- cryptdisks
- cryptdisks$
- dhcdbd
- hal
- keyboard-$
- libpam-fo$
- loopback
- mountover$
- policykit
- pulseaudio
- rc.local
- screen-cl$
- stop-read$
- ufw
- umountroot
- wpa-ifupd$
- x11-common

because they sound too dangerous. (Although, as I say, you only need keyboard if you are running a keyboard. It will probably be obvious to you whether you need that, but you could be running a headless server.)
And the wpa one is wireless, so that would go if you aren't running wireless.

And some of the rest I'm just a bit unclear on what exactly they do, so although I haven't included them, they may still be dangerous.

Have you thought of 'man process_name' to see what they do? And what about the bootchart approach of looking at which proc takes how much time and trying to overlay them?
Salasi, you made a good point. My answer is, I use my computer for wireless and dialup, faxing through eFax, printing, word processing, listening to mp3s rand adio listening over the net using banshee, video playing with VLC and Totem, I got Virtualbox which I use alot, I use Kmobiletools and Moto4lin to access my cellphone by connecting my cell thru USB, I use XScan for scanning images, I use KB3 for burning CDs and DVDs. And, I don't use my computer as a webserver.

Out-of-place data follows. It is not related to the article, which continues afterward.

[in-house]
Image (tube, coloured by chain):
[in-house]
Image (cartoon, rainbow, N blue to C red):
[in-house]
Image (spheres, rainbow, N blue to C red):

And I think that's it!

.

.
 
Old 09-24-2008, 06:09 PM   #7
jay73
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Did you profile after disabling those services?
 
Old 09-24-2008, 08:35 PM   #8
taurusx5
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Quote:
Originally Posted by jay73 View Post
Did you profile after disabling those services?
Hi, Jay73, how are you? What do you mean by "profile after disabling those services"?

.